Policy mechanisms that promote large-scale, centralised renewable power include renewable portfolio standards (RPS) and other quota obligations, feed-in policies (tariffs and premiums), renewable power tenders and auctions, financial incentives (for example, grants, rebates and tax credits) and more recently community choice aggregation programmes. In 2019, the shift continued away from feed-in policies and towards mechanisms such as auctions and tenders. Feed-in policies have been used to promote both large-scale, centralised renewable energy and decentralised renewables. By the end of 2019, feed-in policies were in place in 113 jurisdictions at the national, state or provincial levels, with no change from 2018. A number of jurisdictions updated their existing feed-in tariff programmes to keep up with changing market conditions. China announced new FIT amounts for large-scale solar PV, which became effective from July 2019. These new FIT amounts were coupled with a scheme to award capacity through a reverse auction, where interested parties bid for a premium to be paid on top of regional benchmark electricity prices. China also implemented new FITs for centralised ground-mounted solar PV systems. In Spain, in response to litigation sparked by retroactive reductions in financial support amounts in the FIT programme, the government approved a plan in 2019 to offer 7% in guaranteed returns for more than a decade to renewable energy projects that agree to scrap ongoing lawsuits over the FIT phase-out.
A number of FIT programmes were cancelled, or scheduled to be cancelled, in 2019. The United Kingdom’s FIT programme ended at the end of March, and in December 2019 Vietnam announced plans to switch from FITs for large-scale solar PV to a new auction mechanism, marking a shift from earlier plans to reboot its FIT scheme. However, in April 2020 Vietnam decided to allow solar PV projects that would commence commercial operation before the end of that year to continue participating in the FIT programme, while all other projects would transition to an auction mechanism.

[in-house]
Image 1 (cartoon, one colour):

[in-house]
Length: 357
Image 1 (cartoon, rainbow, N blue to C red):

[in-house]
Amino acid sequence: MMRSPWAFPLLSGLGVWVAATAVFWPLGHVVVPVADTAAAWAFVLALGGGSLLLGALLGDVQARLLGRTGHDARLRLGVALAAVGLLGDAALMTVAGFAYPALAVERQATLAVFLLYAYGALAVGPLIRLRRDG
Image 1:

Many countries continued to turn to competitive auctions and tenders in lieu of feed-in policies to deploy large scale, centralised renewable energy projects. During 2019, renewable energy auctions or tenders were held in at least 41 countries at the national or state/provincial level, down from 48 countries in 2018. However, the total number of countries that have used this mechanism increased to 109 (up from 98 in 2018) as new countries held tenders during the year for the first time. Of the at least 68 auctions held in 2019, most focused exclusively on solar PV or wind power, and some included solar PV plus storage (also called solar-plus-storage); just two of the auctions were technology-neutral (among renewable energy technologies).
Text excerpt from REN21: Renewables 2020: Global Status Report
Over the past decade, policymakers have increasingly used financial incentives – including credit enhancements, tax incentives, rebates, grants, performance-based incentives, and subsidized loans – alongside other policies to accelerate investment in renewable power technologies.
Many, if not most, countries deploy multiple clean power policy and incentive measures—the appropriateness and effectiveness of these measures changes as clean power becomes a larger part of a power system and as local clean power markets mature. A deep understanding of your power system’s structure and state of play, as well as clear goals for the future, is fundamental to picking the right policy options.
Your own country may deploy multiple clean power policy measures of which you are not aware. Review this table to refamiliarize yourself with what your country already has in place.